Basic Polymer Science of Biomass/Biomaterials

Course content

This course is meant for students that have no or little background in polymers and polymer materials science and could be particularly useful for students interested in biomass, bioenergy, food science, etc. It is intended for students who would like to gain some knowledge of the fundamentals of material science of natural materials and of interesting examples in the area of biomimetics and biomimicry. The purpose of the course is that the student gets a grasp of how structure of a polymer and other materials can relate to its properties, commonly known as structure-property relationships. Molecular weight distributions, glass transition temperature and other basic, but very important polymer concepts will be covered. The concepts of intermolecular bonding, surfaces and adhesion will be taught. We will try and relate some of the concepts you learn to natural materials such as lignocellulosic material, especially the wood cell wall chemical and ultrastructure, and materials that exist in both human and animal bodies. Subjects such as the chemistry of polymerization and how polymers are synthesized will not be covered. During the course the students will make short scientific reports based on the lecture contents and the course litterature and these will be discussed in class. The students will read scientific articles supplementing the lectures.

The course covers the following subjects:

Introduction to Biomimetics and Biomimicry.

Primary and secondary atomic bonding.

Introduction to polymers.
What is the glass transition temperature (Tg)?
How chemical structure and morphology influences Tg and properties?
Structure-property relationships in polymers.

Surfaces and Adhesion:
Surface properties and Wetting
Adhesion Mechanisms

Bio-based Material:
Plant Based: Relating what has been learned in the previous sections; we will discuss and read papers on wood (softwood and hardwood), plant and agricultural fibers, and other natural and bio-based materials. This will include knowledge on wood ultrastructure, hemicellulose, lignin and cellulose.

Animal based: An introduction to diverse materials such as spider webs, seashells, fish scales, bones, mussels, barnacles, etc. will be taught to give an idea of biomimetics and biomimicry. and others interested in natural materials.

Learning outcome


Introduction to Biomimetics and Biomimicry. Primary and secondary bonding. Molecular weight distributions, glass transition temperature and other basic polymer concepts will be covered. The relation of how structure of the polymer determines properties, commonly known as structure-property relationships, will be an important part of the course. Surface phenomenon and basics of adhesion and elementary concepts of composites will be covered. We will try and relate some of the concepts you learn during the course to understand natural materials such as wood and other lignocellulosic material, and materials that exist in both human and animal bodies.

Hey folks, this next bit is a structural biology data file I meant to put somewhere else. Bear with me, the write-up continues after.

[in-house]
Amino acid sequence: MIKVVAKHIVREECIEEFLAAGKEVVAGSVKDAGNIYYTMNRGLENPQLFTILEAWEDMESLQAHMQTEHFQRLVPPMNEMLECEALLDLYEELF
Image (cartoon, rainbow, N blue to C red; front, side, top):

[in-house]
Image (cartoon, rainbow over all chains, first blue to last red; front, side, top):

Application of the basic knowledge on polymer and biopolymer science for understanding and discussing research articles. Relate wood or animal based material ultrastructure to the understanding of the basics of polymer science.


Apply basics of chemistry and polymer science for understanding biopolymer structure and properties, and constitution and properties of plant and animal based materials.

A significant participation by the student in teaching is expected to give a common learning process. The students will be giving presentations which are based on exposition of relevant articles as chosen by the student and teachers. Two consecutive lectures are given twice a week, the first two by teachers, the last two by a student for each lecture. Supervision can be up to 1 hr after each 2 consecutive classes if needed. Reading of peer reviewed articles on fundamental principles of polymers and articles exclusively about bio-based (plant and animal) materials. Also included will be reading material that will enhance the knowledge of what has been taught.

Please see Absalon.

Basic knowledge of natural sciences.

7,5 ECTS
Type of assessment
Written assignment, During course
Oral examination, 20 min
The student will need to hand in a report on a subject within curriculum. The report has to be subitted prior to the exam week.
Oral exam of 20 minutes will be based on the report. Questions within the broader curriculum can be asked.
Without aids
Marking scale
passed/not passed
Censorship form
No external censorship
Several internal examiners.
Criteria for exam assessment

See learning outcome

Single subject courses (day)

  • Category
  • Hours
  • Lectures
  • 28
  • Guidance
  • 7
  • Preparation
  • 95
  • Study Groups
  • 40
  • Seminar
  • 29
  • Class Seminar
  • 7
  • English
  • 206